In an­a­lyz­ing the leases, the BLM found that burn­ing the coal de­posits would re­sult in 382 mil­lion tons of car­bon diox­ide emis­sions an­nu­ally, or about 6 per­cent of the US to­tal in 2008.

But the BLM ar­gued that be­cause util­i­ties could sim­ply get their coal from mines that don’t lease fed­eral de­posits, block­ing the leases would have no net ef­fect on cli­mate change.

The ap­peals court wasn’t per­suaded, rul­ing that the BLM didn’t pro­vide suf­fi­cient data to back up that ar­gu­ment. It told a lower court to seek more anal­y­sis from the agency.

In the mean­time, min­ing will con­tinue at three of the con­tested leases the BLM sold to Pe­abody En­ergy and Arch Coal, the St Louis-based com­pa­nies that own the two mines. A fourth con­tested lease near Black Thunder hasn’t sold yet.

BLM of­fi­cials didn’t im­me­di­ately re­turn a mes­sage seek­ing com­ment. Wy­oming Gov Matt Mead, a staunch sup­porter of the coal in­dus­try, said he was dis­ap­pointed in the rul­ing but pleased that min­ing could con­tinue.

Wy­oming Min­ing As­so­ci­a­tion Di­rec­tor Deti also called the rul­ing dis­ap­point­ing.

Wy­oming’s coal in­dus­try has re­bounded some­what since com­pe­ti­tion from cheaper nat­u­ral gas made 2016 its worst year in decades. Around 500 min­ers were laid off in the state’s coal patch, and the state con­tin­ues to face an in­abil­ity to build new schools, which are funded by coal leas­ing.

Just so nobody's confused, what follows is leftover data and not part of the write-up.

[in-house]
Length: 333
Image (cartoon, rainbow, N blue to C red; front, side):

“Wy­oming can con­tinue to cling to the past or get out ahead of th­ese changes by pro­duc­ing the clean power that con­sumers are de­mand­ing,” said Sierra Club Wy­oming Di­rec­tor Con­nie Wil­bert in a re­lease.

Travis

Canada’s en­vi­ron­ment min­is­ter urged gov­ern­ments to move for­ward on the Paris cli­mate ac­cord Fri­day, speak­ing on the eve of talks over the agree­ment’s im­ple­men­ta­tion.

“We have no choice folks, our kids de­pend on us,” Cather­ine McKenna said in Mon­treal, where rep­re­sen­ta­tives from more than half of G20 mem­bers will at­tend a sum­mit on the global cli­mate pact.

Satur­day’s meet­ing was re­quested by Canada, China and the Euro­pean Union — who all reaf­firmed their com­mit­ment to the agree­ment when Don­ald Trump an­nounced the United States’ with­drawal in June.

Nearly 200 coun­tries agreed in Paris at the end of 2015 to limit or re­duce car­bon diox­ide emis­sions.

Their aim is to limit the rise in av­er­age global tem­per­a­tures to no more than 1.5 de­grees Cel­sius (34.7 de­grees Fahren­heit) by 2050, com­pared to prein­dus­trial lev­els.

The Cana­dian min­is­ter also cel­e­brated 30 years of the Mon­treal Pro­to­col on Sub­stances that De­plete the Ozone Layer, along­side the EU’s top cli­mate of­fi­cial Miguel Arias Canete and China’s rep­re­sen­ta­tive on cli­mate change Xie Zhen­hua.

“[The] Mon­treal Pro­to­col is a suc­cess story of gov­ern­ments, ex­perts, NGOs and or­di­nary peo­ple who acted to­gether to over­come the great­est en­vi­ron­men­tal threats in re­cent his­tory,” McKenna said.

“We have an op­por­tu­nity to ac­com­plish even more with the Paris agree­ment. If we keep work­ing to­gether we can achieve great suc­cess in the fight again cli­mate change.”